Sprakling market driver
Once again, sparkling have driven growth, with +2.5% in quantity and +4.9% in values over the past year. The continuous success of Prosecco worldwide partly explains this trend: Italy can thus boast 19% of the volume shares of exported bubbles, leading in front of France (14%) and Spain (9%). This category of wines, with just 9% of the quantities, is now worth 21% of world exports. In a dedicated focus (with 2018 data), OIV informs that sparkling production for the first time has reached 20 million hectoliters (+57% since 2002), with Italy’s volumes growing by 9% since 2008. Again in 2018, consumption reached 19 million/hl, with Germany, France, the United States, Russia and Italy representing over 60% of global wine consumption.
The trend of bulk and bag in box
In regards to bulk (back to 2019 data), the abundant 2018 harvest brought up the volumes (+4.9%) making values drop (–6.6%), with Italy recording an increase of 30%. On the bag in box front (boxes between 2 and 10 liters) the new category, traced in international exchanges with a special code since 2017, is worth 4% of volume exchanges and 2% in value: Germany, South Africa and Portugal drive the producer rank.
Consumption: Italy is growing
2019 marked a stabilization of the level of wine consumed, at 244 million hectoliters, after the drop that occurred in 2018. OIV shows (with provisional data) that last year Europe drank 53% of world wine (128 mln/hl). Underlining a growth of 0.9% in Italy (at 22.6 mln/hl), in Germany (+2% at 20.4 mln / hl), in the United Kingdom (+1% at 13 mln/hl) and Spain (+2.3% at 11.1 mln/hl). A slight decrease for France (26.5 mln/hl) and a minus for Portugal, Netherlands and Belgium. The United States, with 33 million hectoliters, is confirmed as the largest market for wine consumption in the world in 2019, with increases of 1.8% on 2018, at slower rates than in previous years. China is estimated at 17.8 mln/hl, with a 3.3% drop, which could be determined, writes OIV in its economic report, with the effects of a poor harvest in the last two years. Japan’s level remains stable, with South American markets growing, such as Argentina (+1.3%), Brazil (+0.5%) and Chile (+4.6%). Strong decrease in South Africa (–4% at 6.2 mln/hl) while Australia is stable at 5.9 million hectoliters.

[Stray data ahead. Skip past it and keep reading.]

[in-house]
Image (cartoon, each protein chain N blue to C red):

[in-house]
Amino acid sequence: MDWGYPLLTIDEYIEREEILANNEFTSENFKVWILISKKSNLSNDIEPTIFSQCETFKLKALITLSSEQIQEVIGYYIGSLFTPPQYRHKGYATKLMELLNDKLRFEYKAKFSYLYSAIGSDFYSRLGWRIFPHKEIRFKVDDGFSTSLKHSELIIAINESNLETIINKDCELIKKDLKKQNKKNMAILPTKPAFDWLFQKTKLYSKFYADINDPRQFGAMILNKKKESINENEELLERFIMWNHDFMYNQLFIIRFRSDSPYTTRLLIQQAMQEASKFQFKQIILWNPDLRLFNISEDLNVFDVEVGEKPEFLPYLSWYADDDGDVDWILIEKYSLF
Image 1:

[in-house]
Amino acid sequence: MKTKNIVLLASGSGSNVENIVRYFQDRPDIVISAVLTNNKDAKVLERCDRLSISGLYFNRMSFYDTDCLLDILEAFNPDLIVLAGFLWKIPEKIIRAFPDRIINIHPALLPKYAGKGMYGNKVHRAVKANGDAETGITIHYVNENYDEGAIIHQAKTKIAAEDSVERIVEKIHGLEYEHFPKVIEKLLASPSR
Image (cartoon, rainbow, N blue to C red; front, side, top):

The areas planted in vines at global level have stabilized. The level of 7.4 million hectares in 2019 confirms a trend that has been underway since 2016. Europe covers 3.2 million/ha and has seen its vineyard grow with France (794,000 hectares), Italy (708,000), Portugal (195,000) and Bulgaria (67,000). Surfaces are down in Spain (966,000, even earlier in the EU), Hungary (69,000) and Austria (48,000). Outside the Old Continent, after ten years of expansion, China slows down (855,000 hectares of vineyards and second place in the world); in the United States the decline started in 2014 continues and now the levels are just above 400,000 hectares; in South America there is +17% of Peru (at 7,000 hectares), while South Africa is stable at 128,000 hectares of vineyards, as well as Australia (146,000). New Zealand is growing steadily and reaching a new record: 39,000 hectares and +1.6%.
Production 2019 is in the avarage range
After a poor 2017 and an overabundant 2018, 2019 returned to an average production level, estimated by OIV at 260 million hectoliters (excluding juices and musts), with a reduction of 11.5 compared to 2018. In detail, Italy (47.5 mln/hl), France (42.1 mln/hl) and Spain (33.5 mln/hl) together account for 48% of global production. All of Europe, save for Portugal, showed a decrease after the exceptional volumes (over 290 million hectoliters) recorded in 2018. China has a wine production of 8.3 million hectoliters with a 10% drop; North America sees the United States decreasing but not so much for the fires that devastated California in October but for a strategy to contain overproduction, now at 24.3 million hectoliters. South America is below the five-year averages. In particular, –34% of Brazil stands out (at 2 mln/hl). South Africa at 9.7 mln/hl and +3% but well below average levels, due to the persistent droughts. Australia (–6%) and New Zealand (–1%) also down.
by Gianluca Atzeni